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The Tritonian

Two Seniors–Healy, Rincon-Simon–Already in Military


Seniors Alexander Healy and Jair Rincon-Simon have both decided to serve their country and joined the military this past summer with Healy joining the navy and Rincon-Simon the army.

“I joined to give back to the country that has given me my freedom and all of the people who died to make this country what it is now. Also, my grandpa served during Vietnam and my sister is currently serving and, lastly, to help pay for college,” Healy said

“I joined the military because I want to return what this nation has offered to my parents and myself. Another reason I joined was for the college benefits the military offers and to fulfill my goal of becoming a neurosurgeon in the military. I have a personal reason too that I prefer not to share,” Rincon-Simon said.

Healy enlisted this past summer and Rincon-Simon went to Fort Jackson, South Carolina, for boot camp.

“I went to Basic Combat Training (BCT) this summer, it was 11 weeks for me, and I graduated on August 24, 2023. It is a one-of-a-kind experience, something only 1% of the United States population experiences,” explained Rincon-Simon.

“I was in Fort Jackson in Battalion 120th, Charlie Company for 9 days and Battalion 239th, Bravo Company for BCT. It is a lot of emotions that you go through as it is supposed to simulate stressful combat situations. However it comes with its reward of satisfaction and fun as I was able to shoot an M4A1, throw live grenades, go through various obstacle courses, and a lot more.

“The most rewarding of all are the friendships you make in BCT, as you make friendships for life and you get the privilege to go together through the different journeys in the army and in life,” Rincon-Simon said.

Healy joined the Navy specifically due to his family ties.

“My sister and my grandpa both are/or were in the Navy,” Healy said.

Rincon-Simon joined the army due to the benefits it gives in the medical field.

“I decided to join the United States Army because it offers the most benefits in the medical field, and it has a great Reserves branch that has great advantages. One of them is allowing me to join at the age of 17 and train at this age. This allows me to advance two years into my contract during high school,” he said..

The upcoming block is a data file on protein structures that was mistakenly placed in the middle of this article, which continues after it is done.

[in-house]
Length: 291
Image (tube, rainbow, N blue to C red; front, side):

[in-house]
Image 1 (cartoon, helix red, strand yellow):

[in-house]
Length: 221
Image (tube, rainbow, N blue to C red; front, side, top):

Healy serves as an information systems technician for the Navy while Rincon-Simon serves as a water treatment technician.  

Healy plans on going to college after the military to further his education while Rincon-Simon plans to stay in for awhile. 

“I am going to try to get my PhD in psychology to become a clinical psychologist or college professor,” Healy said.

Rincon-Simon, on the other hand, said, “I plan to be in the Army for at least 20 years or more. However, how it would look like after the Army depends on what I do in that time. One possibility is that I retire from my military career and continue on with my medical career working in hospitals around the world. Another possibility, if I decided to just focus on the army and not study, is to just retire as an Airborne Ranger.”

Healy and Rincon-Simon also had some advice for those who are considering joining the armed forces. 

“My advice would be make sure you are prepared for MEPS ( military entrance processing screening) because they are very, very particular when it comes to medical screening so make sure you square things away with your recruiter before going down and make sure you list any past medical issues because otherwise it will take like four hours to get medical done and after that you have another four hours of paperwork before you swear in. 

“But seriously, if you are thinking about joining, I would recommend because in the long run there are a lot of benefits that come with being in the military, one of which is significantly raising your chances of getting into a certain college. But, regardless, even out of service you will still have a new acquired skill and job connections to use it,” Healy said.

“If you want to join the military, the first thing to consider is the reason you are joining the armed forces. The reason you joined the military is very important as it will become your motivation through your journey and define what path you take in the military. You have to understand that military life is very difficult and depending on your military job it is very physical and mental. You will have your highs and lows, but you will have to focus on why you joined and remember that it will be worth it in the end,” Rincon-Simon said.






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